News from 1915: Capt. Ranson says something about hell---maybe

Mark Baber

Moderator
Member
Dec 29, 2000
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MAB note: Yes, the headline on the first story is inconsistent with the
story itself; it's that way in the original.


Honolulu Star-Bulletin, 4 March 1915
Original article digitized by the University of Hawaii at Manoa
Retrieved from the Library of Congress' Chronicling America web site,
http://chroniclingamerica.loc.gov/search/pages/


WHITE STAR CAPTAIN SAYS HE WILL FLY U. S. FLAG
---
NEW YORK, N. Y., March 4---"I will fly the British flag and America can go
to hell," announced Captain Ranson of the White Star liner Baltic, when
asked yesterday, prior to the departure of the liner, if he proposed to use
the American flag for protection of his ship and passengers when entering
the "war zone" on his way to Liverpool. The Baltic sailed last evening, in
her cargo being 18,000 tons of war supplies for the British government.

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The Evening Star, Washington, 4 March 1915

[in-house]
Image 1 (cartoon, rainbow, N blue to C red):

Original article digitized by the Library of Congress
Retrieved from the Library of Congress' Chronicling America web site,
http://chroniclingamerica.loc.gov/search/pages/


[No Title]
---
The White Star liner Baltic, carrying 18,000 tons of war supplies, steamed
from New York for Liverpool yesterday. Her commander, Capt. J. B. Ranson,
said that as far as he was concerned he "would fly the British flag from
America to hell," notwithstanding the German submarines.

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The New York Times, 4 March 1915

BALTIC TO FLY OWN FLAG
---
Said to Have Forty Armored Trucks Lashed to Her Deck

---
[An irrelevant opening paragraph has not been transcribed.]

The White Star liner Baltic sailed yesterday from this port with a heavy
cargo of general merchandise, but more freight was left behind on the pier.
It is said the Baltic carried lashed on deck forty semi-armored auto trucks
consigned to the British Government. The Baltic took out 150 passengers, of
whom 42 were in the saloon. Capt. J. B. Ranson, the Baltic's commander,
said he intended to fly the British flag in spite of German submarines.

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